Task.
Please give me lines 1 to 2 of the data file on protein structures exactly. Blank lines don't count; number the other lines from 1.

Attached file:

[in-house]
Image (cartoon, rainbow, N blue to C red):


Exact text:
[in-house]
Image (cartoon, rainbow, N blue to C red):